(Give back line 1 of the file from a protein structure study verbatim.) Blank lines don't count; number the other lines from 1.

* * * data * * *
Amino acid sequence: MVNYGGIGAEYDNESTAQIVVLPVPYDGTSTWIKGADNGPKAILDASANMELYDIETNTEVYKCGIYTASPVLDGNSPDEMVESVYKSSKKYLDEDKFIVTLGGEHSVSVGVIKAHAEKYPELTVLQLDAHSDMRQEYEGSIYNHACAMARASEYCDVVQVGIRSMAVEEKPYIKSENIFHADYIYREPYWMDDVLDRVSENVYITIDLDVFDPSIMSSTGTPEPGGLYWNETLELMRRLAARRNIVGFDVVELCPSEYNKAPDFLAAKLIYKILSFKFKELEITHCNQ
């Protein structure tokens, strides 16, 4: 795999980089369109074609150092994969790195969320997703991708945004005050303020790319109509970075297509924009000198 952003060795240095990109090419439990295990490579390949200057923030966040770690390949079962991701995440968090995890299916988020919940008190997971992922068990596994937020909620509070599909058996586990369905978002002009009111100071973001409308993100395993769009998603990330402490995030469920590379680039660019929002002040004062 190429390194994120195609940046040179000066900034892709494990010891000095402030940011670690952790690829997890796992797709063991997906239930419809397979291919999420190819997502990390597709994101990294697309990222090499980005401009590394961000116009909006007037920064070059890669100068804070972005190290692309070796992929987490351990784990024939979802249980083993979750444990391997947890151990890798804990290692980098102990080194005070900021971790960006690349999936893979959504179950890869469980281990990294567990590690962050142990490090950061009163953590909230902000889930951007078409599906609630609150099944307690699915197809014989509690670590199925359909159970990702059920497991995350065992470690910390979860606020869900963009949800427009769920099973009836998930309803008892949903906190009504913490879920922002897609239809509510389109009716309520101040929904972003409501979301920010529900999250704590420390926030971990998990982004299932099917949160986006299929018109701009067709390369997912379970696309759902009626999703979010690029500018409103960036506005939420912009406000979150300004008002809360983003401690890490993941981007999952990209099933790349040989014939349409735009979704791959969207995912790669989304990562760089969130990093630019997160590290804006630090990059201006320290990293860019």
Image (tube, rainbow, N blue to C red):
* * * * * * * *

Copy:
Amino acid sequence: MVNYGGIGAEYDNESTAQIVVLPVPYDGTSTWIKGADNGPKAILDASANMELYDIETNTEVYKCGIYTASPVLDGNSPDEMVESVYKSSKKYLDEDKFIVTLGGEHSVSVGVIKAHAEKYPELTVLQLDAHSDMRQEYEGSIYNHACAMARASEYCDVVQVGIRSMAVEEKPYIKSENIFHADYIYREPYWMDDVLDRVSENVYITIDLDVFDPSIMSSTGTPEPGGLYWNETLELMRRLAARRNIVGFDVVELCPSEYNKAPDFLAAKLIYKILSFKFKELEITHCNQ